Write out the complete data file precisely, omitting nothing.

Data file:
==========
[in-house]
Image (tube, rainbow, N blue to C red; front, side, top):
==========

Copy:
[in-house]
Image (tube, rainbow, N blue to C red; front, side, top):